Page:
This realization is very important.
And this lowly trash, bottom penetration is exactly how I portray it (Ubik) in Ubik! On match folders; in tawdry commercials--therein lie the divine messages.
Entry from the "provinces"--Galilee--now takes the form of entry from trash in the gutter up--a trashy [SF] novel which contains trash (the chapter-opening commercials) is the triumphant return of the rightful king. Ubik is trash containing an ever lower order of trash: the Ubik commercials--but which are in fact vox dei. 289-90
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This all really presumes another, invisible landscape at odds with the palpable one. Two realms, perhaps a lower and a higher, one implied, each with its own laws. The lower realm alone does not tell the full story--in fact may not even tell the true story or a part thereof. In the lower realm, deity appears in a debased and trivial or besmirched guise, marginally (like the cheap commercials for Ubik). Only at the end (as in the heading of the last chapter in Ubik) does deity unmask itself, and we see it as it truly is.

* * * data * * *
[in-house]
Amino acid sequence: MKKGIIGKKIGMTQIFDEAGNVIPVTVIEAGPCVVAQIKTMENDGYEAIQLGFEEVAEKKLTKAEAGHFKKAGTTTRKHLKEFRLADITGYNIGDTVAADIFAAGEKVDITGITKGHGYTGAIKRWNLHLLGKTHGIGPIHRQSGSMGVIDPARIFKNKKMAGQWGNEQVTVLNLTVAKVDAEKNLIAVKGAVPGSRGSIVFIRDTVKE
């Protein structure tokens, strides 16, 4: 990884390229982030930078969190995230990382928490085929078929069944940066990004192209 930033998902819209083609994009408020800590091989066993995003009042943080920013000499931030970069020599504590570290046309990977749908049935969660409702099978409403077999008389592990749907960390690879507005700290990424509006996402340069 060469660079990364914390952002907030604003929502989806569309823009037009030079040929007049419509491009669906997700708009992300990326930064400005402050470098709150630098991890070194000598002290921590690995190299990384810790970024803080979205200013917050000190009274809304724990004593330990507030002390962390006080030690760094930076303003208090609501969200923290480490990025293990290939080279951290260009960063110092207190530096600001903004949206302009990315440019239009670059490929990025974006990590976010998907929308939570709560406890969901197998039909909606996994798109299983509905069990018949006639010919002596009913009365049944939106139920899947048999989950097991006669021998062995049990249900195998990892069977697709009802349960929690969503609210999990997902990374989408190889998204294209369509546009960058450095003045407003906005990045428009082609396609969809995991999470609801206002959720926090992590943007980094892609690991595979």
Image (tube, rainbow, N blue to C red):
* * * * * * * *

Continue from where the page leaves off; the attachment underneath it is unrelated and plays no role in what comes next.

Thus I say, if deity exists in the lower realm it will not bear a noble heavenly dignified beautiful aspect; it will be where least expected and as least expected, so there is no use deliberately looking for it--it will have to come to us and unveil itself to us. It could be an old sick--even dying--tomcat sinking of urine, degraded and humiliated.
However, it aids, advises and monitors us. The world is a one-way mirror; God can watch us but not we him. 342
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Ubik shows what I suppose: deity in the very trash of the alley. And deity intimately connected with and utilizing--if not actually being--information. "Ravished away and full of God," as the E. of Phil. article on Plotinus says. Ecstatic comingling. 601